Computer Memory Measurements
Bits, Bytes, and other Units of Measure for Digital Information.
A bit is a binary digit, the smallest increment of data on a computer. A bit can hold only one of two values: 0 or 1, corresponding to the electrical values of off or on, respectively.
Because bits are so small, you rarely work with information one bit at a time. Bits are usually assembled into a group of eight to form a byte. A byte contains enough information to store a single ASCII character, like “h”.
A kilobyte (KB) is 1,024 bytes, not one thousand bytes as might be expected, because computers use binary (base two) math, instead of a decimal (base ten) system.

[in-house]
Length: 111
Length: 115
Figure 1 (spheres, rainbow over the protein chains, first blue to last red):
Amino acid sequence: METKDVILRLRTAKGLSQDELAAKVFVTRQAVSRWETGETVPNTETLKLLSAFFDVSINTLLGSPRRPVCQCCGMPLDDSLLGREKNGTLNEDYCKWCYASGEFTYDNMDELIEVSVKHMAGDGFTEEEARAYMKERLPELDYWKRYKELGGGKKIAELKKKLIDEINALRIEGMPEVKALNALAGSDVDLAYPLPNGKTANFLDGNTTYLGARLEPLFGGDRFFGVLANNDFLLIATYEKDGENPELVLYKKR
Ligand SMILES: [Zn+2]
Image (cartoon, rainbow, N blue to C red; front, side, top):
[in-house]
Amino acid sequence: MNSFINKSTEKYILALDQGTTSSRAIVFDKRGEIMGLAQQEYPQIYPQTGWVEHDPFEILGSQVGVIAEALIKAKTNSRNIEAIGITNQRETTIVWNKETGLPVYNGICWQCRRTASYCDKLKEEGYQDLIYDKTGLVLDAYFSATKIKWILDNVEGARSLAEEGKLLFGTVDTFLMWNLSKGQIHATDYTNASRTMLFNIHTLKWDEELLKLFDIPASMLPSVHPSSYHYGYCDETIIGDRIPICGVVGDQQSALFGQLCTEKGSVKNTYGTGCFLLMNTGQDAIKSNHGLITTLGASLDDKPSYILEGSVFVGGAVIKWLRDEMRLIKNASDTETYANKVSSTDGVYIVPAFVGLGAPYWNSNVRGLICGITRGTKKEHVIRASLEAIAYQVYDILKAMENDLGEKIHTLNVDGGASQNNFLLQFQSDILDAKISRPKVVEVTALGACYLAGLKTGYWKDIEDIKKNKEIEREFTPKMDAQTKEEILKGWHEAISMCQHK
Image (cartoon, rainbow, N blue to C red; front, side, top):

Computer storage and memory are often measured in megabytes (MB) and gigabytes (GB). A medium-sized novel contains about 1 MB of information. 1 MB is 1,024 kilobytes, or 1,048,576 (1024×1024) bytes, not one million bytes.
1 Bit – Binary Digit
8 Bits – 1 Byte
1024 Bytes – 1 KB (KiloByte)
1024 KB – 1 MB (MegaByte)
1024 MB – 1 GB (Giga Byte)
1024 GB – 1 TB (Terra Byte)
1024 TB – 1 PB (PetaByte)
1024 PB – 1 EB (ExaByte)
1024 EB – 1 ZB (ZettaByte)
1024 ZB – 1 YB (Yotta Byte)
1024 YB – 1 (Bronto Byte)
1024 Bronto Byte – 1 (Geop Byte)
Now Currently, Geop Byte is the Highest Memory.